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Devin Haney, Vasiliy Lomachenko embrace make-or-break matchup

Devin Haney and Vassily Lomachenko both have golden opportunities on May 20.

For Haney, the undisputed 135-pound champion, this is his best chance yet to prove that he is what he says he is – one of the world’s best handful of fighters. For Lomachenko, at the age of 35, it is an opportunity to recapture past glory.

They are scheduled to meet at the pay-per-view at the MGM Grand in Las Vegas.

“I’m blessed to be here,” Haney said at Thursday’s kickoff news conference. “It’s something I’ve always dreamed of. I’ve wanted this fight since 2019. I’ve been begging for it and calling for it. Finally the time has come.”

Soft-spoken Lomachenko was not as impressive as Haney, but he knows what is at stake.

“I’m excited for May 20,” he said. “This is my second chance, and I will do my best. Thank you Team Honey for the opportunity. We are all ready for it.”

Haney (29-0, 15 KOs) is on a high note. The final four matches of the talented technician are as follows:

  • His breakthrough victory, a unanimous decision over former three-division beltholder Jorge Linares in May 2021.
  • Another clear decision over Joseph Diaz Jr., a former champ, in December of that year.
  • An impressive performance en route to a unanimous decision over Jorge Cambosos Jr. in Australia last June to become the undisputed lightweight champion.
  • and a repeat of that result four months later in a rematch with Cambosos, again in the loser’s country.

That run lifted him up several pound-for-pound lists, including Boxing Junkie (No. 15). And he’s only 24.

Haney said, “The better the opposition, the better I am.” “Loma is a good fighter. But I am on a completely different level. The world will see that on Fight Night. The world will see how good Devin Haney really is.”

The world has already seen how good Lomachenko is – or was, depending on where he stands at the moment.

Arguably the greatest amateur fighter of all time became a three-division champion in his first 12 pro fights, a remarkable feat even if you think the value of titles is diluted. As a result, he came to be recognized by many as the best fighter on the planet.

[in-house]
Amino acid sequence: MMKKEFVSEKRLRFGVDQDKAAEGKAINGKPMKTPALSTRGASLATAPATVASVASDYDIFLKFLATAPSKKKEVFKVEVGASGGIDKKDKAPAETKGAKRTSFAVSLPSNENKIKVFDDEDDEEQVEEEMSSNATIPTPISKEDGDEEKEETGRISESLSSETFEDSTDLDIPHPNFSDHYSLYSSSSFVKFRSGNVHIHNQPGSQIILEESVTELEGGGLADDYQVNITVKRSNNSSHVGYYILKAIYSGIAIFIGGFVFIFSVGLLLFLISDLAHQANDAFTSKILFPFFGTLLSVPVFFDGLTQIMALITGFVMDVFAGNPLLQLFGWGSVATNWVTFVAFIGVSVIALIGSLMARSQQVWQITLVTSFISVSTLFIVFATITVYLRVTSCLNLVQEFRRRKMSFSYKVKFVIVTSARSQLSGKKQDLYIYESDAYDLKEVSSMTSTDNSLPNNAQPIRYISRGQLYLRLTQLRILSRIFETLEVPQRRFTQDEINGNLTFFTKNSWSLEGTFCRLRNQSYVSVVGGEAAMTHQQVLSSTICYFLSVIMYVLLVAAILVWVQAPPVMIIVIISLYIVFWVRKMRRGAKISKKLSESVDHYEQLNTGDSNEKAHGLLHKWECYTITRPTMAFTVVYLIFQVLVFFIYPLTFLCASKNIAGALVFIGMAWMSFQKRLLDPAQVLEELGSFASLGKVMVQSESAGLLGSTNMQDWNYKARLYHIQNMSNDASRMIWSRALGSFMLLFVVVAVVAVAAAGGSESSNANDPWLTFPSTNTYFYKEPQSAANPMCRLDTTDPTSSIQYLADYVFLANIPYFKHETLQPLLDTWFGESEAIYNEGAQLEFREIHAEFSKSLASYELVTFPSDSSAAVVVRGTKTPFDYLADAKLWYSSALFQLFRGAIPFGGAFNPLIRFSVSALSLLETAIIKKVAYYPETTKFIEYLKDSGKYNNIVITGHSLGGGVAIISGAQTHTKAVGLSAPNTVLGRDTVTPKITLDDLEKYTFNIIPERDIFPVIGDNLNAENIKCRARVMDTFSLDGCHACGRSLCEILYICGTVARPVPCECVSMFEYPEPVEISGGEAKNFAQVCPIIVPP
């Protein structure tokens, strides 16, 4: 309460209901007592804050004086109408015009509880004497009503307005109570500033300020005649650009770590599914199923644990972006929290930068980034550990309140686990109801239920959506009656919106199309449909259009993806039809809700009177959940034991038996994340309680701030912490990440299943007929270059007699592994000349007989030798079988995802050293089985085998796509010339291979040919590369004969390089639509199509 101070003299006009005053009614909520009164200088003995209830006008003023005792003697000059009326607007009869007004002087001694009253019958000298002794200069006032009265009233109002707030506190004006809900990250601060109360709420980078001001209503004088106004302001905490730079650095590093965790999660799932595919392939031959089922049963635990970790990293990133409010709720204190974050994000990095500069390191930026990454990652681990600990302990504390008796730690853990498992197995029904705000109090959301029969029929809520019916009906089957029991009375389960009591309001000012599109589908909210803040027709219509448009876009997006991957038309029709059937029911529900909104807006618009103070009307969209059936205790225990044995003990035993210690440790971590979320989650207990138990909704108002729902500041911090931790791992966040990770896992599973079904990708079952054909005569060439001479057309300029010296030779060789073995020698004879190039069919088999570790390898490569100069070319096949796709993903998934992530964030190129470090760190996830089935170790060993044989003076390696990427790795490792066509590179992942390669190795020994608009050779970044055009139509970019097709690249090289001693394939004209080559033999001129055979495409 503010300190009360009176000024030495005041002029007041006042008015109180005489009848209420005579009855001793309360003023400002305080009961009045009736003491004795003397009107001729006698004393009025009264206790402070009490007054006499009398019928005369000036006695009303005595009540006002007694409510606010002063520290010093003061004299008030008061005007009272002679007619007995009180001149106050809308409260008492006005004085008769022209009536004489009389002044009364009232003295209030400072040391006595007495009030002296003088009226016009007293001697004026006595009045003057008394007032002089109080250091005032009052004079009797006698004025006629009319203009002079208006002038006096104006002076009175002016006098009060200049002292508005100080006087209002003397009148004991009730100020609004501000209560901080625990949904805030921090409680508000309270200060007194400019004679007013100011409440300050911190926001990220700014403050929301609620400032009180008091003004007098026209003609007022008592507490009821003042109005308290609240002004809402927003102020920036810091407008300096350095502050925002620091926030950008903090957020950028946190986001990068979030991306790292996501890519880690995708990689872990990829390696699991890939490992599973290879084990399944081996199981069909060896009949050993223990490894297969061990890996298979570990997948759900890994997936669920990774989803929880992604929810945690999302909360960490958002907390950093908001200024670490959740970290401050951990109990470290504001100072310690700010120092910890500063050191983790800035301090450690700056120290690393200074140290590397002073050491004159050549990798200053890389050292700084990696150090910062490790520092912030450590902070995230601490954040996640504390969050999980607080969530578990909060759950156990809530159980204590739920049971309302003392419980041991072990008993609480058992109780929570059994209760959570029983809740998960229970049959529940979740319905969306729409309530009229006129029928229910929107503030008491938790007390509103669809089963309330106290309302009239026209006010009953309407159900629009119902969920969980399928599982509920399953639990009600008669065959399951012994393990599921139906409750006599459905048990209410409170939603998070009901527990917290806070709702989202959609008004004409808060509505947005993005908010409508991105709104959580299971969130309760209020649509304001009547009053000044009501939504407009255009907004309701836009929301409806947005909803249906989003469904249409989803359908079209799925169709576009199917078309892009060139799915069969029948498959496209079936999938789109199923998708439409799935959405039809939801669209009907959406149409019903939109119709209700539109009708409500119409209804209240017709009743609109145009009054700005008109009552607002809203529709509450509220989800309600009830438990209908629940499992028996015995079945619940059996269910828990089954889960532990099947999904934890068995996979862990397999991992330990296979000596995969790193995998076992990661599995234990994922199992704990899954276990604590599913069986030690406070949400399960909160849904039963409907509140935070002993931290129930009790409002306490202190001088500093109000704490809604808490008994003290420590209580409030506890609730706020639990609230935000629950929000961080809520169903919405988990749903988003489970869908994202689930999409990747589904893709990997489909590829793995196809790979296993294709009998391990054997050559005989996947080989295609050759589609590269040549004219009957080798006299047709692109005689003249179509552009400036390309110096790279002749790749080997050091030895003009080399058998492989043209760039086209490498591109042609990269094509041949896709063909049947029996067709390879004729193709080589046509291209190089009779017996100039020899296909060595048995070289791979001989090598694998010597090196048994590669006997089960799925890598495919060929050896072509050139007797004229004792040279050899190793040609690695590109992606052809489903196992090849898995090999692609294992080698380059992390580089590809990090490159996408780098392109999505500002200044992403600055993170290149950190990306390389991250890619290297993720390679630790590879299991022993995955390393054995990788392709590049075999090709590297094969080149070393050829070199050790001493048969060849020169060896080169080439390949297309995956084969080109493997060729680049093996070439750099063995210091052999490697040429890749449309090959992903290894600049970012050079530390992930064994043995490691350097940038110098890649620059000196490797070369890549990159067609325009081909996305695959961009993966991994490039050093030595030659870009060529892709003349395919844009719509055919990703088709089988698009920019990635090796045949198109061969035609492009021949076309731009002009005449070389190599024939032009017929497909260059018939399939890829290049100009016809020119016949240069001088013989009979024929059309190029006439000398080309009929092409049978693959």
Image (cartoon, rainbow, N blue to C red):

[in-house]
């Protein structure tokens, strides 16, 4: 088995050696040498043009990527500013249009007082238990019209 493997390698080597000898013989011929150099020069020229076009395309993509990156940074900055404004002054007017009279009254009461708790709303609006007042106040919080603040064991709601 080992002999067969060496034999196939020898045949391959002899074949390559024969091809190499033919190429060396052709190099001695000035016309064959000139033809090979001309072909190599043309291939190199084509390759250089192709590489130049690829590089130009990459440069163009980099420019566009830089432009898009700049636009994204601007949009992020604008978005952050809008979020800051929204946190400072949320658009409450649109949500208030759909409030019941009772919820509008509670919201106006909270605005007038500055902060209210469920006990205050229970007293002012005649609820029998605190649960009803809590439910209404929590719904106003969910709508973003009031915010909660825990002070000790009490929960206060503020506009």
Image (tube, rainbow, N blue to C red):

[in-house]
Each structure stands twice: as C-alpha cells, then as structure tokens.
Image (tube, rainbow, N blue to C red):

This changed when he lost his undisputed 135-pound championship to Teofimo López by decision in October 2020, although he entered that bout with a shoulder injury.

He has fought only three times since then, including one fight – a wide decision over Jamen Ortiz last October – since Russia invaded his native Ukraine last February.

“You can’t think about your future when war is coming to your home,” he said. “You just think about life and your family and the people around you. You think about how you can live another day. You can’t think about your work. You can’t think about a professional sport. Can’t think.”

The Ukrainian government has encouraged its athletes to compete in order to boost the morale of its people.

The Ortiz fight marked his return. And now he will compete in his first truly major event since the setback against Lopez, who lost his titles to Cambosos. A win would allow him to climb back up the pound-for-pound list—he’s now No. 11 on Boxing Junkie—and forfeit all the belts he’d held if he raised his hand.

Lomachenko (17-2, 11 knockouts) has always been a very confident fighter, but he didn’t make any bold predictions for a fight with Haney.

“We never know what will happen,” he said. “We can work out a strategy, but that can all change in the ring. Right now, I don’t know. I just train hard and prepare. I believe in God and my team.”


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